European Blenders Establishing Himalayan Brand

NepalEuropean tea companies typically purchase about half of the 8.5 to 9 million kilos of India’s Darjeeling tea – but not this year.

Indian growers noticed in April that European buyers were not placing orders. Low yields of first flush Darjeeling due to dry weather and high inventories from 2013, combined with a stronger rupee in currency markets were initially thought to have dampened demand. Darjeeling was on offer for $10 to $15 per kilo at the time. Darjeeling teas trade for up to $35 per kilo in quantity and $400 per kilo in select grades from the best-known gardens.

Ashok Lohia, chairman of Chamong Tee, the largest Darjeeling tea producer, told the Economic Times last week that “we are [still] not getting many trade enquiries from Europe. During the beginning of the season, there were some enquiries for 15-20 days. After that, it dried up.”

Other growers are experiencing a similar lack of interest.

It is now apparent that German and other European blenders are dealing with alternate suppliers, principally in Nepal where quality high-grown tea sells for less than $5 per kilo.

Instead of buying Darjeeling, German traders are promoting their own less expensive “Himalayan” blends marketed to compete with tea sold by the 87 Indian gardens protected by the European Union’s Protected Geographical Identification (PGI).

In response the Darjeeling Tea Association’s governing body is meeting this week to discuss the situation. Once they agree on a course of action planters are likely to meet with the country’s Minister of State for Commerce and Industry, according to DTA Chairman SS Bagaria.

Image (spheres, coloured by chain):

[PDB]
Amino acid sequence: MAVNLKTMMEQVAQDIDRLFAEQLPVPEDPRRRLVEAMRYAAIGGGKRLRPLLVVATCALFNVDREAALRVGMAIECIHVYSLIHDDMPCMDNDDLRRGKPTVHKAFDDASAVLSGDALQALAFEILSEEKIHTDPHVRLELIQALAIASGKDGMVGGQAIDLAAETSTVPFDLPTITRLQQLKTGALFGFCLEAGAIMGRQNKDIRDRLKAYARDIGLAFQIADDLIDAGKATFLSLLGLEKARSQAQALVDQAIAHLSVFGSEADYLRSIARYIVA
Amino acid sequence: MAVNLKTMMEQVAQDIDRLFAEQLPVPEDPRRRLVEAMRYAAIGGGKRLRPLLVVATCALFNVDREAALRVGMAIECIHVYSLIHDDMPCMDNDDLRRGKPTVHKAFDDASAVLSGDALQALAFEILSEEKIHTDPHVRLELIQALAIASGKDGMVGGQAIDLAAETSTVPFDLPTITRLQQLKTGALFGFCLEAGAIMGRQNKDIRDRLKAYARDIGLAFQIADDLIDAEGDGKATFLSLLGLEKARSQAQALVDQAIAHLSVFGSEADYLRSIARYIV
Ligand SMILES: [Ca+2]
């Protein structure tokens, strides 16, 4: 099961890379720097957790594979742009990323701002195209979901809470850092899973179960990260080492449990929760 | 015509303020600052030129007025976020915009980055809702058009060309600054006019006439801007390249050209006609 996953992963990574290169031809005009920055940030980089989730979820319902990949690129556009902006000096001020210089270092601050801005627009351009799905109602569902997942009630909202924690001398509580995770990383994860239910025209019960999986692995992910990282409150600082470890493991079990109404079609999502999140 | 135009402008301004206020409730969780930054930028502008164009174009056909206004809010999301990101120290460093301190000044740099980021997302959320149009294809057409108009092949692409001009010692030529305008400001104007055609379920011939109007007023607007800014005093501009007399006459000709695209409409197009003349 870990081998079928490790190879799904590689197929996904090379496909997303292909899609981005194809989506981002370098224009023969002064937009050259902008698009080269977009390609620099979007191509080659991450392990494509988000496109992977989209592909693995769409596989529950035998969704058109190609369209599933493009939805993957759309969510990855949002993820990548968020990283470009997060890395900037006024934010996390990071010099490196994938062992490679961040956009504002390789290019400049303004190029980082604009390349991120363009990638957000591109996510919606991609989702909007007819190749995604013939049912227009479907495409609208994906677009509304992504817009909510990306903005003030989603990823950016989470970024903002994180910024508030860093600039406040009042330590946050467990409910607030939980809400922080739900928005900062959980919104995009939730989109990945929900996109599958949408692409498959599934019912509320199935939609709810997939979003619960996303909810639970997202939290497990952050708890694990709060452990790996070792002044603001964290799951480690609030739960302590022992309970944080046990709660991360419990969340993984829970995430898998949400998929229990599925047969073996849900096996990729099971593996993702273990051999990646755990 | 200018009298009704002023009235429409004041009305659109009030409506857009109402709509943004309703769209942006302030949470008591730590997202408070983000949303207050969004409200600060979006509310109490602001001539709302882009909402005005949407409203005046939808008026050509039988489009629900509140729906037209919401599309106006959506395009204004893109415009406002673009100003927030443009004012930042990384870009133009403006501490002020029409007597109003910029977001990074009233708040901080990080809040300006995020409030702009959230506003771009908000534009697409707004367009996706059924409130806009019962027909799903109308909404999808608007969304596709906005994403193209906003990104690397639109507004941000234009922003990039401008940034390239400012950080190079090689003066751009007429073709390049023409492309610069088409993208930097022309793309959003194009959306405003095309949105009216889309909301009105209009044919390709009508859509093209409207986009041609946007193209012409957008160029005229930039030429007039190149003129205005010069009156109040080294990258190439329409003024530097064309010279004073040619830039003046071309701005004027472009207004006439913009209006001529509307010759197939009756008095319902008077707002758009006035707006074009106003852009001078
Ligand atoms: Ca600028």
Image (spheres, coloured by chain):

“Darjeeling is not treated as a commodity in the world market. It is treated as a product,” explains Sanjay Bansal, Chairman of the Ambootia Group which owns 10 Darjeeling gardens. He told the Economic Times in May that “currently an internal adjustment in distribution is going on in the European market.”

Darjeeling black tea, one of the most expensive teas in the world, has been cultivated in the foothills of the Himalayas since the 1850s. At least 65% to 70% of the tea is exported, making foreign sales critical. Germany and Japan are the largest buyers, followed by UK and the US.

When the PGI mark was approved in November 2011, blenders that had marketed Darjeeling teas in Europe for at least five years were given five years to withdraw from the market any tea labeled “Darjeeling” that did not contain 100% Darjeeling tea. It had been the practice for blenders to mix up to 49% of less expensive tea from the region with genuine Darjeeling and market the combination as Darjeeling, one of the most prized and profitable teas in the world. The less expensive teas were grown in Nepal, Pakistan or on Indian gardens outside the protected zone.

Darjeeling has a three-year shelf life. The EU rules will be enforced by the European Trade Council in 2016, suggesting that European buyers should begin re-stocking this spring and should be aggressively negotiating for 2015 teas as those plucked this year and next will be sold in 2016. Instead several European buyers have renegotiated their contracts seeking lower pricing.

“The best brands are still totally unchanged but almost everywhere things are in a flux,” reports Rajiv Lochan, a tea supplier with many years of experience growing and marketing Darjeeling teas.

“There are a lot of tea gardens who are buying Nepal green leaf in Darjeeling to augment their own counterfeit production,” he said.